THE watchdog investigating the Hillsborough disaster cover-up lacks the power to get to the truth, MPs have warned.
A report by the influential Home Affairs select committee says the Independent Police Complaints Commission often does little more than ‘scratch the surface’ of serious complaints.
The watchdog was set up almost a decade ago to investigate the most serious complaints against the police, as well as the Serious Organised Crime Agency, Her Majesty’s Revenue and Customs and the UK Border Agency.
Keith Vaz, Home Affairs select committee chairman, said: “When public trust in the police is tested by complaints of negligence, misconduct and corruption, a strong watchdog is vital – but the IPCC leaves the public frustrated and faithless.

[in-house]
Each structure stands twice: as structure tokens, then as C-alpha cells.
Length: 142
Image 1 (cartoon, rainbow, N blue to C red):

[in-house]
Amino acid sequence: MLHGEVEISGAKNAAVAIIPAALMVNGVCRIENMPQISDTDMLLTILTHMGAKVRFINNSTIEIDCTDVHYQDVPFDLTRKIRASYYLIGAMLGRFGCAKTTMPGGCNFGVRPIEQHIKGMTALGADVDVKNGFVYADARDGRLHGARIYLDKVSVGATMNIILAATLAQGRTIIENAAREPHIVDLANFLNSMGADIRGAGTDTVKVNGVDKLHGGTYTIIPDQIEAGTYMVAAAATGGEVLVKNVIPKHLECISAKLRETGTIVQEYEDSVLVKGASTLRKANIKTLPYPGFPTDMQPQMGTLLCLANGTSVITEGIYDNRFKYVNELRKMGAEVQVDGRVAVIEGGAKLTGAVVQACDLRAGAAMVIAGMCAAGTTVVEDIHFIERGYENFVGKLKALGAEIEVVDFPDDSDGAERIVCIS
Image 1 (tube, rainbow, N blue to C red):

“Nearly a quarter of officers were subject to a complaint last year. Many were trivial, but some were extremely serious, involving deaths in custody or corruption. It is an insult to all concerned to do no more than scratch the surface of these alleged abuses.
The IPCC recently launched the biggest-ever inquiry into British policing after a report found South Yorkshire Police had attempted to shift the blame for the 1989 disaster at Sheffield Wednesday’s football ground onto the supporters involved.
The organisation is also investigating police chiefs including Sir Norman Bettison, who stepped down as West Yorkshire chief constable after allegations about his own Hillsborough role.